On April 28, 2014, Oklahoma House Bill Number OK547HB 3365 (“HB 3365”) passed. The new statute relates to product liability actions, will be codified at 76 O.S. § 57.2, and becomes effective November 1, 2014.
The statute provides a rebuttable presumption the manufacturer, or seller, of a product is not liable for an injury if: (1) the product complied with or exceeded mandatory safety standards or regulations promulgated by a government agency; or (2) if the product underwent premarket licensing or approval by a government agency, and after full consideration of the product’s risks and benefits, the product was approved or licensed for sale. 76 O.S. § 57.2 (A) & (C). These new Oklahoma statutory provisions are modeled after Tex. Civ. Prac. & Rem. § 82.008(a)-(d) enacted September 1, 2003. The rebuttable presumption is created once the manufacturer or seller establishes the product’s formulation, labeling, or design complied with the mandatory safety standards, regulations, or received a premarket licensing approval. Consequently, the burden is on the manufacturer or seller to establish the rebuttable presumption is applicable.
Provisions are present in the new Oklahoma statute to rebut the evidentiary presumptions against liability. See Id. at (B)(1-2) & (C)(1-2). Claimants will first attempt to rebut the presumption by attacking the sufficiency of the governmental standard, regulation, testing, and approval process. Secondly, claimants will attempt to rebut the presumption through the manufacturer’s interaction with the applicable governmental agency.
There are exceptions to the rebuttable presumption rule, for instance, the rebuttable presumption only relates to claims stemming from the formulation, labeling, or design of a product. Id. at (D). The rebuttable presumption does not relate to claims stemming from manufacturing flaws or defects even though the product complied with quality control and manufacturing practices promulgated by a government agency. Id.
Section 57.2 also provides protections for product distributors and sellers. After November 1, 2014, no product liability action may be asserted against a product seller or distributor unless: (1) the seller or distributor exercised substantial control over aspects of the design, manufacturing, or warning stages, (2) the seller or distributor altered or modified the product and the seller’s or distributor’s alteration or modification was the substantial factor which caused the harm to the claimant, (3) the product seller or distributor provided an express warranty independent of any product warranties common to the product, (4) the claimant cannot, after conducting a good faith evaluation, determine the identity of the manufacturer, (5) the manufacturer is not subject to service of process under the laws of Oklahoma, or (6) the court determines the claimant could not enforce a judgment against the manufacturer. Id. at (E)(1-6). These statutory protections are modeled after Tex. Civ. Prac. & Rem. § 82.003(a) enacted September 1, 2003, amended on September 1, 2009.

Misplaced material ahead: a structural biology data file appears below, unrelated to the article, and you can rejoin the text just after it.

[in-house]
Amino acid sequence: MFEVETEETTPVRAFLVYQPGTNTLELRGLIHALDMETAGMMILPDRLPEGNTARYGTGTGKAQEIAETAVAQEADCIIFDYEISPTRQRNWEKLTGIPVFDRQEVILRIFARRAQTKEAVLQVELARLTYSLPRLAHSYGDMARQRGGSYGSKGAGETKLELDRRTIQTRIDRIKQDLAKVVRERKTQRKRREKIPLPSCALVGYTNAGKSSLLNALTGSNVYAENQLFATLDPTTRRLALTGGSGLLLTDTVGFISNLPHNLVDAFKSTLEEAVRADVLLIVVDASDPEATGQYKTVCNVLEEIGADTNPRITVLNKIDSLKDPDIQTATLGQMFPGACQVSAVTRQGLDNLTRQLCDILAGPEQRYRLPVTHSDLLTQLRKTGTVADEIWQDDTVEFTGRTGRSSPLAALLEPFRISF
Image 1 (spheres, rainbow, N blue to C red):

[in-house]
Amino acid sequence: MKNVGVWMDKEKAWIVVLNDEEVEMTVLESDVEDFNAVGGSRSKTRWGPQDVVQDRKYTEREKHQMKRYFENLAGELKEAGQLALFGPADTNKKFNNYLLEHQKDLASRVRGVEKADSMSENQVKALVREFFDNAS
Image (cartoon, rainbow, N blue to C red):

The new statute has the potential to reduce lawsuits against sellers and distributors in garden-variety product liability actions; however, competent counsel can draft a petition to defeat a motion to dismiss. The statute offers exceptions for claims against sellers and distributors and also recognizes a product seller or distributor can be liable for independent negligence: (1) for failing to exercise reasonable care when assembling, inspecting, or maintaining a product, or (2) when passing on warnings or instructions relating to dangers and proper use. Id. at (G)(1-3). Essentially, the statute permits independent/active negligence claims against sellers and distributors; however, subsection (F) does limit initial discovery to determining whether an exception exists to permit a claim to proceed against a distributor or seller.
These distributor and seller protections may not drastically affect a manufacturer’s indemnification obligations pursuant to 12 O.S. § 832.1 or whether a local distributor or seller are initially sued. However, the protections could affect whether a lawsuit is prosecuted in state or federal court. Many times product manufacturers are located outside of Oklahoma and the distributor or seller are sued to simply destroy diversity to keep the case in state court. If a local distributor or seller is sued with a carefully worded petition, defense counsel can conduct discovery, and limit discovery, to timely determine if the claim of independent/active negligence against the local distributor or seller can withstand a dispositive motion, and if not, the case may be removed. Ultimately, more product liability actions may be decided in federal court.
The full text of the statute is below. Oklahoma courts will likely look for interpretation guidance from Texas case law concerning Texas’ similar, earlier enacted, statutes.